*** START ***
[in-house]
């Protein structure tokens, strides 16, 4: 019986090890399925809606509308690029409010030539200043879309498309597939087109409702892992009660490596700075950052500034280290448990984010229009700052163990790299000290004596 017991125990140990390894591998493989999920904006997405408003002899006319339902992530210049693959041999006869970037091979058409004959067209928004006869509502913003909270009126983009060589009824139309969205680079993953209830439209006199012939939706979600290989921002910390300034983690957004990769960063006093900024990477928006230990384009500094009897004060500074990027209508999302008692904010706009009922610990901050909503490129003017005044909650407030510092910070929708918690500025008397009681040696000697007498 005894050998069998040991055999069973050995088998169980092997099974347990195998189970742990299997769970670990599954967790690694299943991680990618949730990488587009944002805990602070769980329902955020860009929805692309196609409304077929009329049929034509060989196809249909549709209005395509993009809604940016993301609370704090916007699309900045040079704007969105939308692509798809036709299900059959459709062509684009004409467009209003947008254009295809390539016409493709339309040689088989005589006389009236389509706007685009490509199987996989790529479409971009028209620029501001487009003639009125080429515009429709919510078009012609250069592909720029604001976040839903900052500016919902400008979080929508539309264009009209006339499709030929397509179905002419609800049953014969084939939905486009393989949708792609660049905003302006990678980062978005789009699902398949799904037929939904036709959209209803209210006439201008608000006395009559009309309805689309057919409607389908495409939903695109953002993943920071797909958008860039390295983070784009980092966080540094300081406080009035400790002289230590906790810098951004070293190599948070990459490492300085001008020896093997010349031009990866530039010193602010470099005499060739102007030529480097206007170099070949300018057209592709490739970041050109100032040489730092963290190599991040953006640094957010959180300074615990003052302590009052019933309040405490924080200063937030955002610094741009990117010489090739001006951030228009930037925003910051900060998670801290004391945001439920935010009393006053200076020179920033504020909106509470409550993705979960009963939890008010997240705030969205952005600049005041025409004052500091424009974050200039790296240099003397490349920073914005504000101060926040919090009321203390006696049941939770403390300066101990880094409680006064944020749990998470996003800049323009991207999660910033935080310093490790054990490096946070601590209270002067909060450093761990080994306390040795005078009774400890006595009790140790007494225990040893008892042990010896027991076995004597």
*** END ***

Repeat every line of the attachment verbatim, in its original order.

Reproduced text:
[in-house]
């Protein structure tokens, strides 16, 4: 019986090890399925809606509308690029409010030539200043879309498309597939087109409702892992009660490596700075950052500034280290448990984010229009700052163990790299000290004596 017991125990140990390894591998493989999920904006997405408003002899006319339902992530210049693959041999006869970037091979058409004959067209928004006869509502913003909270009126983009060589009824139309969205680079993953209830439209006199012939939706979600290989921002910390300034983690957004990769960063006093900024990477928006230990384009500094009897004060500074990027209508999302008692904010706009009922610990901050909503490129003017005044909650407030510092910070929708918690500025008397009681040696000697007498 005894050998069998040991055999069973050995088998169980092997099974347990195998189970742990299997769970670990599954967790690694299943991680990618949730990488587009944002805990602070769980329902955020860009929805692309196609409304077929009329049929034509060989196809249909549709209005395509993009809604940016993301609370704090916007699309900045040079704007969105939308692509798809036709299900059959459709062509684009004409467009209003947008254009295809390539016409493709339309040689088989005589006389009236389509706007685009490509199987996989790529479409971009028209620029501001487009003639009125080429515009429709919510078009012609250069592909720029604001976040839903900052500016919902400008979080929508539309264009009209006339499709030929397509179905002419609800049953014969084939939905486009393989949708792609660049905003302006990678980062978005789009699902398949799904037929939904036709959209209803209210006439201008608000006395009559009309309805689309057919409607389908495409939903695109953002993943920071797909958008860039390295983070784009980092966080540094300081406080009035400790002289230590906790810098951004070293190599948070990459490492300085001008020896093997010349031009990866530039010193602010470099005499060739102007030529480097206007170099070949300018057209592709490739970041050109100032040489730092963290190599991040953006640094957010959180300074615990003052302590009052019933309040405490924080200063937030955002610094741009990117010489090739001006951030228009930037925003910051900060998670801290004391945001439920935010009393006053200076020179920033504020909106509470409550993705979960009963939890008010997240705030969205952005600049005041025409004052500091424009974050200039790296240099003397490349920073914005504000101060926040919090009321203390006696049941939770403390300066101990880094409680006064944020749990998470996003800049323009991207999660910033935080310093490790054990490096946070601590209270002067909060450093761990080994306390040795005078009774400890006595009790140790007494225990040893008892042990010896027991076995004597």